Developer of Viral Vectors for Anticancer Gene Therapy Files for $70M IPO

Houston's MultiVir, a developer of viral vectors to deliver anticancer gene therapy, just filed for a $70 million IPO with the Securities and Exchange Commission as it seeks funding for clinical trials of its Phase I/II lead candidates for colorectal cancer and head and neck cancer, and to take the first FDA-approved gene therapy to the market. Both candidates utilize adenovirus as their specific vector. It does not typically integrate into the host cell's DNA, reducing the risk of side effects and disruptions to normal gene function. Other MultiVir candidates use a herpes simplex and vaccinia virus platform.
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ViE Awards Shortlist Announced! Did you Make it?

The nominations have been counted and we are delighted to announce that the shortlist for the 8th Annual ViE Awards has now been chosen. Join us at the World Vaccine Congress on April 7-9 to meet and celebrate with those deemed worthy of these accolades by booking your ticket today. Hundreds of your colleagues, clients and suppliers voted to choose those who most deserve recognition for their work across 14 categories.
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Researchers Find Way to Enhance Effects of Immunotherapy in Glioblastoma

When cancer strikes, it may be possible for patients to fight back with their own defenses, using a strategy known as immunotherapy. According to a new study published in Nature, researchers have found a way to enhance the effects of this therapeutic approach in glioblastoma, a deadly type of brain cancer, and possibly improve patient outcomes. The research was funded by the National Institute of Neurological Disorders and Stroke (NINDS) as well as the National Cancer Institute (NCI), which are part of the National Institutes of Health. "The promise of dendritic cell-based therapy and other immunotherapies for brain cancer has been upheld for some time, but an important implication of this work is a demonstrated capacity to significantly improve the clinical impact of immunotherapy for patients with this very difficult disease," said Duane A. Mitchell, M.D., Ph.D., director of the Brain Tumor Immunotherapy Program at the University of Florida in Gainesville and co-lead author of the study.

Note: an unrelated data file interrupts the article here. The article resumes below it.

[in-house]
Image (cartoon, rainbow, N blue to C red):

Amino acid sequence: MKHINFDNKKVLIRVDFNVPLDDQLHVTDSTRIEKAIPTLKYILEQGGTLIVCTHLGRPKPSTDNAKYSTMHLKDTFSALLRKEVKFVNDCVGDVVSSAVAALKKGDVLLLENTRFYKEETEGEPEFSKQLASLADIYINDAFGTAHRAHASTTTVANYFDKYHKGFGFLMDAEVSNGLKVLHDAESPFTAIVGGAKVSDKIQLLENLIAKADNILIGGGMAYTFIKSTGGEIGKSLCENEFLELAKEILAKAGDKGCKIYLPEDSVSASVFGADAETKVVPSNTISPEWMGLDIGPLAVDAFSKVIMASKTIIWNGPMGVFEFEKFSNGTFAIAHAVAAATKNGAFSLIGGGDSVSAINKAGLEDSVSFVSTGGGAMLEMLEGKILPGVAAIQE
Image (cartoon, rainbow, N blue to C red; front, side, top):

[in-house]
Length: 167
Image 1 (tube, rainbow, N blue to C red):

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Inovio Pharmaceuticals Receive $16 Million HIV Grant From NIAID

Inovio Pharmaceuticals, Inc. (INO) announced today that the company and its academic collaborators, including the University of Pennsylvania (UPenn), were awarded a new five-year $16 million Integrated Preclinical/Clinical AIDS Vaccine Development Program grant from the National Institute of Allergy and Infectious Diseases (NIAID). This five-year program grant was awarded based on the clinical successes of Inovio's PENNVAX® HIV vaccine program. The grant will fund research to expand PENNVAX coverage of HIV strains as well as to further enhance antibody responses generated by the vaccine.
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Mutant Protein Brings Gene Therapy for Hemophilia a Step Closer

Researchers from The Children's Hospital of Philadelphia, PA, have identified a mutant human protein that has shown promise for treating the inherited bleeding disorder hemophilia. Published in the journal Blood, the study reveals how the protein - named FIX-Padua - successfully relieved symptoms of hemophilia in three dogs with severe forms of the disease.
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Scientists Discover DNA Vaccine that Alleviates Chronic Inflammation in the Body